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THE SEVENTEENTH CENTURY            377

wisdom, Locke is no more satisfactory : here again he can only
suggest a few commonplaces, as, for example, that the boy's
mind should be raised to great and worthy thoughts to exclude
falsehood and cunning. The rest, he adds, which is to be learned
from time, experience, observation, and an acquaintance with
men, " is not to be expected in the ignorance and inadvertency
of childhood, or the inconsiderate heat and unwariness of youth."*
Hence, in spite of what he has said about its relative unimportance,
Locke has more to say about learning than about virtue and
wisdom. Here the main feature of interest is in his comprehensive
programme of studies. This seems to comprise some six groups
of subjects : (a) Reading^ (which is begun as soon as the boy can
talk) ; then writing ; then drawing, and perhaps shorthand.
(b) French j[which is to be learned orally as soon as he can speak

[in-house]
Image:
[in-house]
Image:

English) ; a year or two later, Latin ; English, to be studied all
the time, (c) Geography (the globes)  leading on to arithmetic,
eometn^ which with chronology culminates in

the study of Jaigtorg,. especially Roman history, (d) Ethics, from
the Bible; then when he can read Latin, from Cicero's De
Officiis ; at a later time, international and ordinary law. (e) The
art of speaking and writing English. (/) Dancing, fencing, and
twoTmaimal occupations, preferably gardening and

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working in woodland book-keeping. Subjects wEcITaf <T3efiBe>"""
liteiy omitted are Greek^rhetoric anS logic, music and painting,
natural philosophy and the related sciences. (Natural philosophy
is omitted because "the works of nature are contrived by a
wisdom too far surpassing our faculties to discover or capacities
to conceive, for us ever to be able to reduce them to a science." f)
This is at once a broad and a narrow curriculum. It is broad,
as the courtly education of the time went, in including all the
subjects required to fit the young gentleman for the duties of his
station in court and in public life. It is narrow, as judged by the
standards of culture, in excluding literature and the other great
aesthetic interests. Yet there is compensation for its rather blatant
utilitarianism in the fact that by its very limitations it brought
into prominence certain subjects to which most previous educators
had done less than justice. Locke's plea for the thorough mastery
of English, for example, is admirable, and needed to be made in
spite of all that had been said to the same effect by others before
*  140.             f  190.

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